This week I ordered lamb from Conway Locally Grown, a regional variation on CSAs that I’ve blogged about here in the past. We do not ordinarily eat red meat. As a matter of fact, I had been years and years without eating it until December 2009. What happened then? A friend who has an annual winter solstice party with homemade whole-grain pizza included lamb on the pizza. He’d raised the lamb himself, so it had, as he put it, “zero carbon miles.” I had to try it. I admit it; it was way better than any red meat I’d ever had. So when my father, who is visiting us for a week, wanted to try the lamb from Conway Locally Grown, I said “okay” and ordered it. Thus we had a very Greek-inspired shepherd’s pie tonight, made almost entirely of local ingredients.
For the mashed-potato topping:
- 4 medium potatoes (I used three big Yukon gold potatoes and one red potato)
- 1-2 tablespoons of kefir or buttermilk (or yogurt mixed with a little milk)
- 1-2 ounces Greek cheese, crumbled (I used a sheep and goat feta-type with Greek herbs)
For the meat and vegetable mixture:
- several cloves of garlic (7 or 8 if you like a lot of garlic or if the cloves are small)
- 8/10 pound ground lamb
- 3 good-sized red peppers, sweet or hot (I used marconi and Hatch)
- 1 pint home-canned tomatoes (yes, you can use a 14-ounce can of good store-bought tomatoes if you don’t have home canned ones)
- 2 or 3 small carrots or half of one large
- two sprigs fresh rosemary (about 1/2 teaspoon dried)
- three of four sprigs fresh oregano, leaves only (about 1 teaspoon dried)
- 1 cup zucchini, preferably blanched or sauteed, drained thoroughly, and chopped roughly (I used some I had frozen)
Optional: eggplant, sliced and sauteed. *See seasonal note.
Begin by dicing the potatoes and slicing three of the garlic cloves. Put the potatoes and garlic in a suitable pot and boil until the potatoes are tender. I also salted the water with a “Greek” seasoning made here in the Ozarks called Cavender’s. When the potatoes and garlic are done cooking, pour off the water and then put the pot back on the stove briefly to cook off excess water. You can turn off the potatoes at this point until the meat mixture is ready.
While the potatoes are boiling, crush or finely chop the rest of the garlic. Add it and the ground lamb to a heavy-bottomed pot (I used a 2-quart cast iron Dutch oven) and cook on medium until the meat is no longer pink. Meanwhile, remove the seeds from the peppers and cut the red peppers into half inch pieces. If your peppers are fresh, add them to the meat mixture immediately. I waited to put mine into the meat mixture until it was mostly cooked because my peppers were from our freezer, from 2009′s garden, and thus already soft.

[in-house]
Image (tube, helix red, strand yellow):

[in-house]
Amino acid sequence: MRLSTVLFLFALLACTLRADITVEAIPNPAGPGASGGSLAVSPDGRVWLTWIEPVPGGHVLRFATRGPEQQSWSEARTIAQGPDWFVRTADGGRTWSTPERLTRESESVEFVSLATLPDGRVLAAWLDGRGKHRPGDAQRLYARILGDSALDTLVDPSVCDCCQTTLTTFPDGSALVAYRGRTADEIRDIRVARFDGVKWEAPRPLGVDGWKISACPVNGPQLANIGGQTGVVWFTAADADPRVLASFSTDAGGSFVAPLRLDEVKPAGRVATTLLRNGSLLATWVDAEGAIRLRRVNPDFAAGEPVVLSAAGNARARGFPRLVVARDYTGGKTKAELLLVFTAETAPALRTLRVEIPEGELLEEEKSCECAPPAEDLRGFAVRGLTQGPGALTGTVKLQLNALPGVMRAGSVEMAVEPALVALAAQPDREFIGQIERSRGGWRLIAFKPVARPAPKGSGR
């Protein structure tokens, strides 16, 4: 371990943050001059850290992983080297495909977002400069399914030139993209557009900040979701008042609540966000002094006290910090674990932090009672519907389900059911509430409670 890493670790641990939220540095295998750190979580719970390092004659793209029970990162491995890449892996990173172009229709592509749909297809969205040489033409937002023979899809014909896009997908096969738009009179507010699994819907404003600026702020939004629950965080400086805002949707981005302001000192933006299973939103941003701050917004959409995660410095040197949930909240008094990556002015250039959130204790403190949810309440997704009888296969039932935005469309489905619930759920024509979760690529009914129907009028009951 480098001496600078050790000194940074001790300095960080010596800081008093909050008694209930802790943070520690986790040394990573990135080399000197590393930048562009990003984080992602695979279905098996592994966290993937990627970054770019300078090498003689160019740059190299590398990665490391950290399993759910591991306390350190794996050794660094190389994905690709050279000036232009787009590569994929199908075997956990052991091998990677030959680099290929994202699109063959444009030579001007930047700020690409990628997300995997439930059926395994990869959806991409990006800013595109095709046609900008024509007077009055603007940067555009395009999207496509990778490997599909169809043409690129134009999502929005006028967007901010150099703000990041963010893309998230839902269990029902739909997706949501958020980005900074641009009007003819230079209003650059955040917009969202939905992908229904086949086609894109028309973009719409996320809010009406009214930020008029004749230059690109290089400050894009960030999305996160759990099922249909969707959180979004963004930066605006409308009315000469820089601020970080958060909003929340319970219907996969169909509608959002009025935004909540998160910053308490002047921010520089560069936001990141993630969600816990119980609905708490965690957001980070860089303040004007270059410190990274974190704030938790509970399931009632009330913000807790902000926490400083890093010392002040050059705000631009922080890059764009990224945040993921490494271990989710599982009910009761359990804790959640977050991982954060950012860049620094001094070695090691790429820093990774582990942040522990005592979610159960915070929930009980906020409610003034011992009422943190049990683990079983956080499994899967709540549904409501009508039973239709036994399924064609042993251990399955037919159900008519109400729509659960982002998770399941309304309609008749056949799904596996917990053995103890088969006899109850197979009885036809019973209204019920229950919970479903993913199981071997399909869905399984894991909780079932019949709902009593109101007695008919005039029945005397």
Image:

When the meat is no longer pink, add the pint of tomatoes. You can add the peppers soon thereafter if you have not done so already. Add the rosemary and oregano. (Ours remarkably survived the frigid temperatures we’ve been having, probably because they are planted next to the porch on the south side of the house, with no chance of getting hit directly by the north winds.) Next cut the carrots in halves or quarters lengthwise and cut thin half-moon slices. Add the carrots to the mix. (The carrots came from our garden, protected in a cold frame.) If you have not pre-cooked the zucchini, add it now, sliced and then chopped casually. My zucchini came from the garden via the freezer and thus had already been blanched, so I added it last. Simmer, uncovered, until the mixture has completely thickened. If you have not added the zucchini, add it now, well drained first. Fish out the whole rosemary sprigs.
As the meat mixture starts to get thick enough, you can finish the potatoes. Add the 1-2 tablespoons of kefir or buttermilk (or yogurt/milk mixture) and mash the potatoes well. Now stir in the 1-2 ounces of Greek cheese, like the sheep-goat feta blend I used. You want to leave the cheese in chunks, so that diners get a burst of flavor every few bites.
Divide the meat mixture into individual greased casserole dishes or a single larger casserole dish. You could also leave the mixture in the Dutch oven, if you prepped the meat mixture in it. Now spread the mashed potatoes over the meat mixture.
*I did not use eggplant because we did not have any in the freezer, and it is not in season here. Of course, it would be ideal for this recipe.
You may also be interested in a shepherd’s pot pie: http://ozarkhomesteader.wordpress.com/2009/12/29/shepherds-pot-pie-using-holiday-leftovers/